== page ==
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March 26, 2014

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How Category Defining Domain Names Are Helping Jesse Stein Turn    Triton Web Properties Into an E-Commerce Powerhouse

By Ron Jackson 

 

Jesse Stein
Founder & Non-Executive Chairman
Triton Web Properties

Over the last five years serial entrepreneur  Jesse Stein and the Coral Gables, Florida based company that he founded, Triton Web Properties, has been quietly assembling a portfolio of top-notch category defining domain names. Triton has reeled in gems like Hobbies.com, Biking.com, Boating.com and SportsMemorabilia.com with one goal in mind - to use each of their acquisitions as the foundation to build a globally recognized, profitable e-commerce business upon.

Triton's business model is all about quality, not quantity. While some companies in the space have portfolios stuffed with hundreds of thousands of domains, Triton's collection barely numbers in double digits. That's because they have no interest in trying to make money through parking or domain sales. Each one of their e-commerce friendly names is now, or soon will be, a fully developed business with its sites set on being a leader (or the leader) in its space.

That is certainly easier said than done and it would be easy to dismiss such talk if the 41-year-old Stein didn't already have a long 

track record of starting, operating and exiting web-based ventures. As has been the case with many entrepreneurs, that success came only after valuable lessons were learned from a business bust. Stein told us about the ups and the downs in a journey that we think anyone who wants to run their own online business will find illuminating. 

Stein's story starts in an unlikely place for a guy whose working life would end up revolving around creating new businesses. "I was born in San Francisco in 1970 to two parents who were walking advertisements for the hippie era," Stein said. "They got married in a park in 1969 in robes with a peace sign on the wedding cake. They took me to see Bob Marley and Van Morrison before I could walk. Both were talented artists and loving parents. Their creativity and unique world view helped me venture to the unfamiliar side of the river in life. It probably also cultivated in me an ability to think up and execute on business ideas from slightly unconventional angles."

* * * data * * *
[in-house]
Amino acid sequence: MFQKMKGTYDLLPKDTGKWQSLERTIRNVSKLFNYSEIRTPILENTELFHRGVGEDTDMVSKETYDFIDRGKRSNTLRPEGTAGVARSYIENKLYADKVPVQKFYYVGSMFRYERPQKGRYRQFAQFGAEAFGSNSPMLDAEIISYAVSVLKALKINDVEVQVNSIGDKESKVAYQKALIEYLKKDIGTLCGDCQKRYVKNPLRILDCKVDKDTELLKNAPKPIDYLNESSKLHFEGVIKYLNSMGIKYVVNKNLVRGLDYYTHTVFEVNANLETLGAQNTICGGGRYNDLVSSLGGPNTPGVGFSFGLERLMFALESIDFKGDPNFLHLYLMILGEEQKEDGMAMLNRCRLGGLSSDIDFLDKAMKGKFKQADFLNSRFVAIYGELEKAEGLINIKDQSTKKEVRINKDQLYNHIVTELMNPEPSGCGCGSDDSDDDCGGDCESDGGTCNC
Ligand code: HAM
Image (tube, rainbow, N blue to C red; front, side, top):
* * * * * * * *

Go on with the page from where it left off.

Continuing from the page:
Stein was also strongly influenced by his grandparents, Adelene, Lynn, Yudy and Eleanor, who were unfailingly optimistic and supportive (Adelene and Eleanor are today a beautiful 91 and 93, respectively.) "I thankfully never inherited any money. Instead, my grandparents generously sponsored twenty years of education, from kindergarten through graduate school, and encouraged me along the way to follow what I loved." Yudy served as an especially strong role model in business "He was a self-made entrepreneur and my personal hero," Stein said. 

Stein started emulating Yudy at a very early age, carrying around his own little briefcase when he was just six years old. The entrepreneurial seed continued to blossom from there. "When I was 10, I’d collect tips from our party guests for serving drinks. At 15, I mowed lawns, sold luggage, cold-called for Dean Witter and dreamed about going to Wharton one day," Stein recalled. 

Stein would in fact make it to Wharton (the world famous business school at the University of Pennsylvania) - but not 

The Wharton School of Business at the 
University of Pennsylvania where Stein 
earned his MBA/MA degrees.

before he expanded his horizons with some other stops along the way. He went to college at the University of California at Santa Barbara and after graduation headed to Japan where we would spend the next five years working in Tokyo

"My first job there was door-to-door sales in Japanese, where I was one of only 9 foreigners in a company of 2,000 Japanese," Stein said. "Even though I had previously spent a year abroad attending Japanese college, nothing could prepare me for the morning “chorei”, in which the entire office would line up and shout out corporate slogans while bowing maniacally. I was a fish out of water. After that, I spent 4 more years in Tokyo working as a financial journalist. On the side, I had fun co-authoring “The Tokyo Nightlife Guide”.

After his Japanese adventure, Stein decided it was time to head back to the States and pursue another one of his dreams - a degree from Wharton. "I decided to apply to grad school at Wharton and the admissions director must have been crazy the day he read my application, because miraculously I was accepted and graduated with an MBA/MA from Wharton and UPenn’s Lauder Institute," Stein said.

Jesse Stein on a visit to